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Another Transfer of Wealth

Harry Reid claims to have a responsible plan (just ignore the oxymoron) to bail out the auto companies.

The usual suspects, Representative Barney Frank (D-FNMA) ansd Senator Chris Dodd (D-Countrywide), are already singing in harmony with the unions:

United Auto Workers chief Ron Gettelfinger warned Thursday that time was short.
"I believe that we could lose GM by the end of the month," he said.

"Nothing concentrates the mind like a death sentence," Dodd said. ( I thought the only thing that concentrated Dodd's mind was a phone call from Anthony Mozilo)

Barney Frank said in a hearing involving the auto bosses that Congress invited "disaster" if it did not act.

Yet to be determined is whether the bailout money will come from previously appropriated "$25 billion in loans to the industry designed to spur development of fuel-efficient vehicles" , which point appears to be the only political fig leaf the Bush administration requires to hide behind in this otherwise totally indefensible intervention by the Federal government in an industry that should and would be in bankruptcy.

The matter of bankruptcy versus federal intervention is an important point because the latter displaces the historical party of interest (creditors that would ultimately determine the final outcome of any plan to emerge from bankruptcy) with political expediency and political payback (re: union money transferred to Democrat campaign coffers).

Put another way, politicians are going to use tax payer money to pay off the creditors of the auto companies. This act will ensure the future flow of funds (tax payer money) from the unions to Democrats in a convoluted scheme that is nothing more than political money laundering.


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Comments (8)

Author above: HughS... (Below threshold)

Author above: HughS

Its worse than that. The v... (Below threshold)

Its worse than that. The vehicle makeup requirements as part of the bailout vastly decrease any possibility the companies will ever see profitability again. Umpteen Hybrids, etc.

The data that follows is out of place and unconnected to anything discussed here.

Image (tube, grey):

To cover up their mistake Congress will be spending more money and/or tax gas so severely to make it work.

The republicans could have helped mold the bailout, but instead their intransigence allowed the Democrats to put the companies on the road to becoming the US Department of Automotive Manufacture.

Ah, the joys of religious factionalism.

Actually, I think the inter... (Below threshold)

Actually, I think the interesting point is that Bush is making them use already appropriated funds, in quantities insufficient to perform a long-term rescue, as a condition. You might consider it a fig leaf but it looks more like a tactical decision to kick the can down the street and saddle Obama with yet another chance to be the "decider" - and to live with the consequences.

Bush does the correct thing and force the bankruptcy and re=structuring, Republicans get hammered; do the full bail-out and he annoys the base and gets zero credit from the other side.

Also note that the Democrats are the ones who have put this together. When it turns into a toral fiasco (congressional democrats are involved, trust me, it will be a total fiasco), they get the responsibility.

This is all just temporary ... (Below threshold)

This is all just temporary window dressing, and at least one if not all of the Detroit car makers will go under.

Sorry about the weird doubl... (Below threshold)

Sorry about the weird double post of an unfinished thought. Here's the whole thing:

This is all just temporary window dressing, and at least one if not all of the Detroit car makers will go under.

I don't know why the Dems don't just let the evil corporations go under and write a huge check to the union to care for "displaced workers."

All these schemes to funnel the money through the car companies is just going to make it take longer for members of congress to get their cut.

Surely a much better plan w... (Below threshold)

Surely a much better plan would be to "bail out" whichever of the three are in the best financial position and let the other two fail. Then the more successful (least failing) one can buy up the parts of the other two's operations which are worthwhile having, hopefully forming a much more efficient and competitive company. There would still be plenty of competition (Toyota, Nissan, Honda, BMW, Audi, Mercedes, Renault, Saab, Volvo, etc.)

Transfer of wealth? ... (Below threshold)

Transfer of wealth?

$143.8 billion for AIG (thus far; it keeps growing)
$100 billion for Fannie Mae
$100 billion for Freddie Mac
$700 billion for Wall Street, including Bank of America (Merrill Lynch), Citigroug, JP Morgan (WaMu), Wells Fargo (Wachovia), Morgan Stanley, Goldman Sachs, and a lot more
$25 billion for the Big Three in Detroit
$8 billion for Indy Mac
$150 billion for stimulus package (from January)
$50 billion for money market funds
$138 billion for Lehman Bros. (post bankruptcy, through JP Morgan)
$620 billion for general currency swaps from the Fed
Rough total: $2,063,800,000,000--Two trillion
and growing!

Not to mention the cost of the Iraq War at how many billion and counting.......

Who was president during the biggest meltdown in history?

Worst. President. Ever

Indie: You must havee miss... (Below threshold)

Indie: You must havee missed the first word: Another Transfer of Wealth but thanks for listing all the others.

I was against those, too - but some are guarantees rather than bailouts of the cash-on-the-barrel-head variety.

Since you didn't mention Iraq, I won't either.

Who controlled Congress during the the biggest meltdown in history?

Worst. Congress. Ever.






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